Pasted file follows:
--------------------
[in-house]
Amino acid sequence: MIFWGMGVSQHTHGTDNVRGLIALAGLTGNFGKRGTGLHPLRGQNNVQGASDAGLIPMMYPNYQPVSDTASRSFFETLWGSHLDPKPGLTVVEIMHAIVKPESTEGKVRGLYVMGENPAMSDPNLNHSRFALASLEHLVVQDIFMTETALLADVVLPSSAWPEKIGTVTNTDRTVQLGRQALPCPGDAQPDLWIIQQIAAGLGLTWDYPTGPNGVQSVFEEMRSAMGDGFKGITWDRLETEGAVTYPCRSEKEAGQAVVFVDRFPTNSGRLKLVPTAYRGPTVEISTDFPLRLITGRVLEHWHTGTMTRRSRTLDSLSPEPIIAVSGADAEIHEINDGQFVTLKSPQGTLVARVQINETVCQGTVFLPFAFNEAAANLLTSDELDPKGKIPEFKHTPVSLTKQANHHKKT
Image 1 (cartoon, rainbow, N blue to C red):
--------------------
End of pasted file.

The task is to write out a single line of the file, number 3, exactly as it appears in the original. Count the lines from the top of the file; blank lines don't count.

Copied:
Image 1 (cartoon, rainbow, N blue to C red):